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Since 2017, they’ve been working relentlessly to improve the reliability of VR equipment to meet the needs of the arcade market. Their innovations include the first armored headset and controllers and the first automated retraction system, and they were the first company to figure out how to prevent other Lighthouse tracking cameras from interfering with their system.
David Meyers from HTC VIVE claims that VRsenal’s engineering team is the best in the location-based VR industry. And this year, that team has been hard at work trying to fix one of the biggest challenges vexing operators — the dreaded headset HDMI cable failure.
VR headset cables are notoriously fragile. They contain more than 20, hair-thin wires that transmit the signals from the computer. These cables are not designed to stand up to the rigors of an arcade. VRsenal’s approach was to house the cable in rugged nylon with military-spec strain reliefs. VRsenal also encased the headset in armor to protect it from physical abuse.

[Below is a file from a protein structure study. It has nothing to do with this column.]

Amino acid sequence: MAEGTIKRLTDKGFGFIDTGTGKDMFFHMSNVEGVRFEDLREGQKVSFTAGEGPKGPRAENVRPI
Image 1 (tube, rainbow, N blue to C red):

VRsenal then suspended the whole thing from a retraction system to stop it from being dropped. It also had a ratcheting system so kids could not use it as a swing, which they observed in their early testing. While most operators say the system offered the best protection of any VR system, the added complexity and many moving parts came with their own set of problems.
VRsenal has been testing a new system dubbed the Monolith at trade shows and arcades since June 22. The Monolith has three major changes that reduce cost and complexity and increase durability.
VRsenal is so confident in this system they are offering a two-year warranty on their headset cables and a one-year on all other parts. Considering standard headset cables from other suppliers can fail monthly and cost hundreds of dollars, this system will save operators thousands of dollars in parts, plus labor and lost revenue, each year.